SAN FRANCISCO — Despite the buzz about influencer marketing, the success of the tactic is being hampered by deep divisions between influencers and the people who hire them, according to a new Allison+Partners report.

“There is a huge gap stalling what could be the full potential of influencer marketing,” said Brent Diggins, managing director of measurement and analytics, adding that “there are a lot of different points where we found this gap.”

Some key themes they were divided on include:

  • Approach to Identification: One of the biggest challenges identified by marketers was the inability to confidently identify and select effective influencers. However, most influencers in the study stated that they don’t provide audience insights unless asked.
  • Authenticity: Most influencers reported that marketers generally only ask for reach, unique page views or monthly blog views, but the greatest value is found in the authentic comments to and interactions with their posts.
  • Testing: Just as they would be in traditional marketing disciplines, testing, learning and revising need to be an integral part of the influencer marketing strategy. However, the study found that only some marketers conduct testing with influencers to see what type of content works best.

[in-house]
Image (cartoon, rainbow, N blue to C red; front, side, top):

• Measurement: Influencers continue to struggle to show their value in a comparable way to how marketers think about other marketing mediums. Yet, marketers are under increased pressure to prove the business impact of influencer campaigns. The challenges stem from several factors on both sides including defining the basis for influencer marketing, lack of benchmarks and myths about standard metrics.

Cathy Planchard, global president of All Told, Allison+Partners’ research, content, creative. digital and measurement division, said the results, based on interviews with with 31 influencers and 20 marketers across several sectors, come after what has been, to a large degree, a test of influencer marketing — and at a time when such issues must be corrected for the tactic to be sanctioned moving forward.

“We feel it’s at a critical juncture. Marketers and influencers are going to be under more pressure to show value,” she said. “There is going to be a lot more emphasis on process and rigor and reporting.”

However, many of the issues “are absolutely remediable,” Planchard said. “A lot of it comes down to communications.”

Steps that could improve the situation include: improving the selection of influencers for particular campaigns by using a set of standards; having dialogue and consultation be part of influencer/marketer relationships; both marketers and influencers participating in data collection for sharing metrics; and looking beyond a moment in time to understand the impact of content throughout its lifespan.

“There are a lot of things that we can do that aren’t being done,” Diggins said. “The real take away is that it has to be a two-way street for both sides.”